About the College

Cornell’s program in veterinary medicine is the oldest in the United States, having granted the nation’s first doctor of veterinary medicine degree to Daniel E. Salmon, who went on to discover Salmonella, and the first American college to grant a veterinary degree to a woman, Florence Kimball. Today, Cornell is the number one ranked veterinary college in the United States, reflecting the unique breadth and depth of the College, which includes an innovative problem-based teaching program; leading-edge hospitals, including a world-class teaching hospital in Ithaca, NY, and the country’s largest university-affiliated emergency and specialty referral veterinary practice in Stamford, CT; world-renowned animal disease research, outreach, and surveillance programs, including the Animal Health Diagnostic Center, Baker Institute for Animal Health, and the Feline Health Center; and internationally recognized biomedical research laboratories.

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Our Vision

Cornell’s College of Veterinary Medicine aspires to be a global leader in animal health. With teaching, research, and service programs that improve the quality of life for animals and people across the country and on multiple continents, the College is focused on enhancing its position as the top-ranked veterinary college in biomedical discovery.

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Our Strategic Plan

Our Strategic Plan

The Cornell College of Veterinary Medicine takes pride in its rich tradition as an innovator in veterinary education, animal disease discovery, clinical programs, and biomedical research. To continue to prepare leaders who will positively shape the profession of veterinary medicine and thus maintain a leadership position, it must creatively address the significant challenges facing academic veterinary medicine. Under the direction of Dean Michael Kotlikoff, faculty, alumni, and members of the veterinary community engaged in a comprehensive strategic planning effort to develop strategic goals and enabling strategies for each of the College’s four mission areas – education, clinical service, research, and diagnostics.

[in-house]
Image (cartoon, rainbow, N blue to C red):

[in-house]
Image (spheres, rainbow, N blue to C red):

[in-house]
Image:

Read the College’s strategic plan

Campaign Priorities -- An Overview

The College’s consistent number one ranking and its strength as a leader in veterinary medical education, animal medicine, biomedical research and public health springs from the combined strengths of its program and the people behind them. Their work has a profound impact on the health and well-being of animal and human health every day and a tremendous impact on the direction the profession of veterinary medicine takes. To maintain its position of influence and continue preparing highly trained veterinarians capable of anticipating and responding to some of society's most challenging issues, the College has identified five priority areas:

Faculty Renewal
Professional Student Scholarships/Fellowships/Residencies
Service Learning and Engagement
Life Sciences Research
Library Collections
Annual Fund Support

Faculty Renewal

World-renowned, the College’s faculty members have all played a pivotal role in advancing the veterinary profession, through discovery, education, patient care, and community service. With many of these influential leaders planning for retirement, the College must recruit a new generation of equally talented paradigm-shifters who will continue to address some of society’s most pressing veterinary and human health issues at a time when faculty retirements at institutions across the country are at all-time highs. Support for faculty – endowed and through the Sesquicentennial Faculty Fellows program – will help us prepare for these impending retirements.

Professional Student Scholarships, Fellowships, Residencies

Access to Cornell’s highly specialized veterinary education program is in jeopardy for two reasons:

  • The debt to salary ratio for new graduates is an impediment.
  • When compared to the other top-ranked veterinary colleges, Cornell has the fewest seats for veterinary candidates and they are the hardest to get.